How Technology Changed the Movies: Especially Sound and Color

person holding a camera

By Chris Breitenbach, Advisory Specialist

Motion pictures began to emerge in Paris in the final years of the 19th century. This transformative medium revolutionized storytelling. The technology used to create, edit, and distribute film has evolved from those intimate beginnings to today's digital sprawl. And while we can’t cover it all here, we can offer a humble overview.  

Beginnings in Paris

In 1895, Auguste and Louis Lumière, filmed and presented dozens of “actualités,” or “actuality films” to captivated audiences. They used their Cinématographe invention (both a camera and projector in one). Movies, films, motion pictures, cinema (whatever we wish to call them) took root here. Rudimentary by today’s standards, these charming early films were more akin to documentaries. They often depicted single actual scenes of everyday life. And yet, this early filmmaking technology was the beginning of filmmakers' desire to innovate and audiences' excitement for new ways to consume stories. It also cleared the path to the commodification of the medium.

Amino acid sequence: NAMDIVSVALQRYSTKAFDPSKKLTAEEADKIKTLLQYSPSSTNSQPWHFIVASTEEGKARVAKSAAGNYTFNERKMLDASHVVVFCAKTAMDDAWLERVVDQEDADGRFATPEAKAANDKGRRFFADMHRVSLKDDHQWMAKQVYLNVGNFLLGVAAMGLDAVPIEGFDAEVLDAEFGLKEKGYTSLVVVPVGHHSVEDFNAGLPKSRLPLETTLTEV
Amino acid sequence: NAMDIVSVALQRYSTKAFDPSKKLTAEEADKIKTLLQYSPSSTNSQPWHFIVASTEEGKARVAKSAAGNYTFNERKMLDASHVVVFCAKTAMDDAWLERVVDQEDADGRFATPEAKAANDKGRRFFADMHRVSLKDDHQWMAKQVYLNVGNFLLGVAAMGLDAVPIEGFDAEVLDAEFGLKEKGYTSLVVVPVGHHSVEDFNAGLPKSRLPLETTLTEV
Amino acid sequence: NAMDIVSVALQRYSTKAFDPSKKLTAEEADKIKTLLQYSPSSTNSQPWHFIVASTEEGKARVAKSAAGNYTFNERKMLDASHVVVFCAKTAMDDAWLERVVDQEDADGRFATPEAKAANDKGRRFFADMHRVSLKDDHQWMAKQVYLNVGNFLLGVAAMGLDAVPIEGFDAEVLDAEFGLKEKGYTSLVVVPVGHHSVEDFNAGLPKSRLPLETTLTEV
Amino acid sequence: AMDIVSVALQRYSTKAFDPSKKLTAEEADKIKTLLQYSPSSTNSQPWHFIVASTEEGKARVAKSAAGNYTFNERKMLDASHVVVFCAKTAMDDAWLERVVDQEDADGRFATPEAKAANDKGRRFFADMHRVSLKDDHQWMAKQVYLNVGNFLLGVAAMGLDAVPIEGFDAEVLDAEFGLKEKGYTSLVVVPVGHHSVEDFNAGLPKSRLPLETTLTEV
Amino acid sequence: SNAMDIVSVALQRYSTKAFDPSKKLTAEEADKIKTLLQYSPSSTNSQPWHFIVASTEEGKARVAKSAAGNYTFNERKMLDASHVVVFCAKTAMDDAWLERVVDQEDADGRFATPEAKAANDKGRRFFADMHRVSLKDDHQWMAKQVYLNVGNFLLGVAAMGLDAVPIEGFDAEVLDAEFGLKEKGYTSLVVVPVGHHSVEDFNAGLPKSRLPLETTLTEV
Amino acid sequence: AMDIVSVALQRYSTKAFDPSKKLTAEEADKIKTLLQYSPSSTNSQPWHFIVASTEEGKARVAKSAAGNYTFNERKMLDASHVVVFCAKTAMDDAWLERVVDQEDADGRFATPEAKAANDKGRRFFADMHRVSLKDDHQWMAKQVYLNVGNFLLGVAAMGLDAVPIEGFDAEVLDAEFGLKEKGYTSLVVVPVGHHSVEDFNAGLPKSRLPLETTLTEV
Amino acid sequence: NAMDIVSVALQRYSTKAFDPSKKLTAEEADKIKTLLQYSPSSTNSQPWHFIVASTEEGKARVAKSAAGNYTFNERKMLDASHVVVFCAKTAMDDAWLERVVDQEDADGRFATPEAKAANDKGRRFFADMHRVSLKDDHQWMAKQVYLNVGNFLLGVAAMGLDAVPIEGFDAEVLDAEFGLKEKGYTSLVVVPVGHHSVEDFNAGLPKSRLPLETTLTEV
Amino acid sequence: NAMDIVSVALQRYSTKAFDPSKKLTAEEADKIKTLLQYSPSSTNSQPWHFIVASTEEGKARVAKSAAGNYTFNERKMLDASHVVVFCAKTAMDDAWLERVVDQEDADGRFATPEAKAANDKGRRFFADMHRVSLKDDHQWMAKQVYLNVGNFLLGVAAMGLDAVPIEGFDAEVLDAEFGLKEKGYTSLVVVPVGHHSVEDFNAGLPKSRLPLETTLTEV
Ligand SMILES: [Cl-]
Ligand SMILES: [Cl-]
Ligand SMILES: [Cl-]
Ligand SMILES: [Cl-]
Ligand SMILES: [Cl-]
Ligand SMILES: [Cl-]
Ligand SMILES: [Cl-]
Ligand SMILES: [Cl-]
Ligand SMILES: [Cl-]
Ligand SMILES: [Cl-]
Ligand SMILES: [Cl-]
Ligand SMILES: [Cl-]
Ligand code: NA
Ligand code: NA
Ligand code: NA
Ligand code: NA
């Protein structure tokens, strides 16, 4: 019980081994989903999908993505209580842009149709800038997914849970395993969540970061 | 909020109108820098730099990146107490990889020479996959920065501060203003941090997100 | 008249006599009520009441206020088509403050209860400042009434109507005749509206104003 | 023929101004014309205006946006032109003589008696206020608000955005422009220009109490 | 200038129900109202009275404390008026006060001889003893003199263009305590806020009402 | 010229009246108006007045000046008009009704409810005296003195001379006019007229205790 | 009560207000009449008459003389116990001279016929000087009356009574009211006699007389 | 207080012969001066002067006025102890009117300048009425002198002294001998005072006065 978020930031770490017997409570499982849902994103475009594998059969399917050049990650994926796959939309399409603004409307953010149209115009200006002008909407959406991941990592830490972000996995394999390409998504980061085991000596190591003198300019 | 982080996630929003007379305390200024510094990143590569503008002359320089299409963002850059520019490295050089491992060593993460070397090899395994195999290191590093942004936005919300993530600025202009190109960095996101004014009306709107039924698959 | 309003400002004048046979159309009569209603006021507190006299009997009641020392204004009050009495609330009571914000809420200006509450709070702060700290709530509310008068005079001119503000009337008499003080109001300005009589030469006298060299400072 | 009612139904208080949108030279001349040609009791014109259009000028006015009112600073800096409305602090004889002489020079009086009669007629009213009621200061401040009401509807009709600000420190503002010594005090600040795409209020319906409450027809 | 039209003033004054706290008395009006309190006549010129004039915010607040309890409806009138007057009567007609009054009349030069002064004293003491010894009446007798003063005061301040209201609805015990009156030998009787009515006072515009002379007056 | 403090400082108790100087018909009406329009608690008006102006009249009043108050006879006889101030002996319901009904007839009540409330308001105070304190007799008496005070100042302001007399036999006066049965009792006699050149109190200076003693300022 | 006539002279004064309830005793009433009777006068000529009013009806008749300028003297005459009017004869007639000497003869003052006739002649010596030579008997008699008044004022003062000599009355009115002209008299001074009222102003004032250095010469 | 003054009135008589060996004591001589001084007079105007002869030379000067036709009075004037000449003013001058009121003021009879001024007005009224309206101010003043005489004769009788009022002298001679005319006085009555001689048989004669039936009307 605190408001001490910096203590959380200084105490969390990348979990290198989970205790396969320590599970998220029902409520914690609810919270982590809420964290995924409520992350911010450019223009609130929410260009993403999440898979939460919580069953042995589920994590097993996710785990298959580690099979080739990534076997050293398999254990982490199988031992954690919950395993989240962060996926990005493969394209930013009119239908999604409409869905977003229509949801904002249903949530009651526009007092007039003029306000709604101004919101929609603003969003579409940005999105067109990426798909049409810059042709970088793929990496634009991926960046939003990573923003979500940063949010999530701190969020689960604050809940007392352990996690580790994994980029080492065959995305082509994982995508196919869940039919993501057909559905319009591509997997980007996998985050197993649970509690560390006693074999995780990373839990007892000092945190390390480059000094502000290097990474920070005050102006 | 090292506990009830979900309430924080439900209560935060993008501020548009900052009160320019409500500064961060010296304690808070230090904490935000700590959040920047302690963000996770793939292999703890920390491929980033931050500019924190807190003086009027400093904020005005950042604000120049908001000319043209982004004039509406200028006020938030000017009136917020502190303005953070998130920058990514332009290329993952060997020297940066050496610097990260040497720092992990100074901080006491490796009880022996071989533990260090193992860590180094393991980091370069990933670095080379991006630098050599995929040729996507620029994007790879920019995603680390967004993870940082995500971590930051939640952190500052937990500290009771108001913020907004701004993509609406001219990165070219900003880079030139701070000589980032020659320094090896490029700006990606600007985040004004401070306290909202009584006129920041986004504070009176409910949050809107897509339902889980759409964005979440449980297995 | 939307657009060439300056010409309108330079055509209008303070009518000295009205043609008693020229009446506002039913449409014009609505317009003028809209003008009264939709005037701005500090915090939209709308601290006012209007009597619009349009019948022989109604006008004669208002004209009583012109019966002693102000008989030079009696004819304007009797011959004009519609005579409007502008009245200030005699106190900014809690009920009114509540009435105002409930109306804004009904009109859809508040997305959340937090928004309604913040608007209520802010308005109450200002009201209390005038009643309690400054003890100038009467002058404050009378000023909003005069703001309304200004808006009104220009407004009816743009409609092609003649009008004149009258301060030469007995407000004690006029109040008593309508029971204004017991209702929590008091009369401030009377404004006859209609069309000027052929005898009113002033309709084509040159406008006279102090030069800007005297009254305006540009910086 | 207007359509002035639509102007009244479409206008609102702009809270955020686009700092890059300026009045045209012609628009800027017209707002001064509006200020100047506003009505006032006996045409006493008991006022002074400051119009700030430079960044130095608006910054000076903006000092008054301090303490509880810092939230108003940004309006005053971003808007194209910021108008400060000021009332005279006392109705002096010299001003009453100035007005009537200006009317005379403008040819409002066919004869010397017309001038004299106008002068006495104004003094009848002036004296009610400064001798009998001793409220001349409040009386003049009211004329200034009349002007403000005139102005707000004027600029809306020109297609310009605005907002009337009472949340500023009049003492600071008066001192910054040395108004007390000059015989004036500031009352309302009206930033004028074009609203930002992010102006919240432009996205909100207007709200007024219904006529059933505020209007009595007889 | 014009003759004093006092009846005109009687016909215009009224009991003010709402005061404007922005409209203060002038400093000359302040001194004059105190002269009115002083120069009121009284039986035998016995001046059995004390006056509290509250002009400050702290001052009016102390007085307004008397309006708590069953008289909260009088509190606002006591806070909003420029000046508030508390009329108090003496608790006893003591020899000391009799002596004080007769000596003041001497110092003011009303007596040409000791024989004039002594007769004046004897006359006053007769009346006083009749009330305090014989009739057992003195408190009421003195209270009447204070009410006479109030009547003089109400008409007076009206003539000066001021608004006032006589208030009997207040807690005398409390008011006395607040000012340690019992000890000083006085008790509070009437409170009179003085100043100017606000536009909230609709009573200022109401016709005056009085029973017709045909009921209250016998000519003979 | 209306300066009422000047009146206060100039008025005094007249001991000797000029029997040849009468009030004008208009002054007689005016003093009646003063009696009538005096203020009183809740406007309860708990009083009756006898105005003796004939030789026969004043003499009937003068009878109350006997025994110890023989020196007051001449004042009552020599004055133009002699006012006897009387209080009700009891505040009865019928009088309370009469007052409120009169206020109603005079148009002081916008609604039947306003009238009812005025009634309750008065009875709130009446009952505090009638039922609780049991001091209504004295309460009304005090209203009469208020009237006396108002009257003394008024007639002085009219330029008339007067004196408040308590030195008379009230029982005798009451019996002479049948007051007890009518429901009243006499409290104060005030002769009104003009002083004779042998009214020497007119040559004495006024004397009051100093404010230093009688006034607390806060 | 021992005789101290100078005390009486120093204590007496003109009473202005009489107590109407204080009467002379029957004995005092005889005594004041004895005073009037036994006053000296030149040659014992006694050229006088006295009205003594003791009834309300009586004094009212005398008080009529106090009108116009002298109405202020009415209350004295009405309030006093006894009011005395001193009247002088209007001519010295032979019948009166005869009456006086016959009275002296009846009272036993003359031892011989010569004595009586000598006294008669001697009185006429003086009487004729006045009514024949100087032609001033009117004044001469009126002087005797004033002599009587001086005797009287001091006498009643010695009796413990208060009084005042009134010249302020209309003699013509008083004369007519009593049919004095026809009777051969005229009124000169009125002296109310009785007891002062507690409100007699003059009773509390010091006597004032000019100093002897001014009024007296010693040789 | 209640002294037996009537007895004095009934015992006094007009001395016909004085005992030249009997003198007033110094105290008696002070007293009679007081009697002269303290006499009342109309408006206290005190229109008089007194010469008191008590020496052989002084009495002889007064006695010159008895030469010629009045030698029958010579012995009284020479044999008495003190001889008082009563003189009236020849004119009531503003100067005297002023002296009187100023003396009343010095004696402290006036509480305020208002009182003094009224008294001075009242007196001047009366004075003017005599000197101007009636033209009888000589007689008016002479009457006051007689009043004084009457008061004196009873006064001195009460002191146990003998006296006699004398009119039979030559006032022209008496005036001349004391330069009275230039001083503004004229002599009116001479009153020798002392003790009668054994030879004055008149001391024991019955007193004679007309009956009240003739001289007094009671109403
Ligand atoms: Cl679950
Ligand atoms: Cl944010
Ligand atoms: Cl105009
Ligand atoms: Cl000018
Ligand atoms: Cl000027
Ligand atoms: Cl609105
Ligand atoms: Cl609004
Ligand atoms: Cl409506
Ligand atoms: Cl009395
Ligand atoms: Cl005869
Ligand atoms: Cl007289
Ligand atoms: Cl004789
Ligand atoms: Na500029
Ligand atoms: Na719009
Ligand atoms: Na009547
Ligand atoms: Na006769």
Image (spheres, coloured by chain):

Georges Méliès, a successful magician and theater owner in Paris, had a passion for crafting stage illusions. What set him apart from others was his curiosity about the cutting-edge technology of the day. Unlike the stationary Lumière films, Méliès envisioned a more intricate blend of cinematic storytelling. By the end of the 19th century, he was employing a repertoire of editing tricks in his films that introduced some of cinema's earliest special effects.

The Early 20th Century—Adding Sound and Color

The early decades of the 20th century saw the flourishing of the silent era. By 1908, more than 10,000 nickelodeon movie houses were in the United States. These giddy, expansive decades witnessed the emergence of the studio system and Hollywood's rise to a position of global influence.